Event will look at past efforts to integrate schools in Seattle and what can be done now
May 17 is the 65th anniversary of the landmark Brown v. Board of Education of Topeka decision that said segregating public schools by race was unconstitutional.
Many public schools in Seattle remain segregated in spite of past efforts to address that, including several decades of busing. A national nonprofit group, Integrated Schools, is hosting an event on Thursday, May 16, examining racial divides in Seattle schools, what’s worked and what hasn’t worked and “how to disrupt segregation now.”
Ali McKay leads the Seattle chapter of Integrated Schools and has two children who attend Lowell Elementary School in Seattle. Students of color make up about three-quarters of Lowell's student population. McKay is white and said she chose the school partly because she wanted her children to be educated in a racially mixed environment.
“We felt it was more important for them to be at a school that reflected reality, the world, and looked more like the world rather than a sort of segregated, whiter bubble,” McKay said.
Panelists at the event include Nancy Beadie, a University of Washington professor and expert on the history of education policy; Stephan Blanford, executive in residence at the Seattle Foundation and a former Seattle Public Schools board director; Brent Jones, chief officer for equity, partnerships and engagement at Seattle Public Schools; and Cece Chan, a senior at Nathan Hale High School and member of the NAACP Youth Coalition.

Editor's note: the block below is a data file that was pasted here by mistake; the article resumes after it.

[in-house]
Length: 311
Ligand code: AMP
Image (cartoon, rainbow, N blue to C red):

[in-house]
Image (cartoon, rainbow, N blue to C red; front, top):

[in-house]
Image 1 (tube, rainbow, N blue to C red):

There will also be breakout sessions examining various topics including how to make parent-teacher-student associations more about advocacy and less about fundraising and how to change the narrative around so-called “good” and “bad” schools.
The history of trying to achieve more school integration in Seattle has been rocky.
In response to a 1977 lawsuit filed by the NAACP and other groups, the Seattle school district tried to integrate schools through a mandatory district-wide busing system. That system continued into the 1990s, but the district eventually gave it up because of waning public support and concerns about whether it was benefiting students, according to HistoryLink.
The school district then began using race as one tiebreaker in assigning students to schools as a way to increase integration, but the U.S. Supreme Court ruled in a split decision in 2007 in the Parents Involved in Community Schools v. Seattle School District case that the district’s voluntary integration plan was unconstitutional.
A recent study found that Seattle schools have become more segregated since 1990 even as the city’s neighborhoods have become more racially mixed.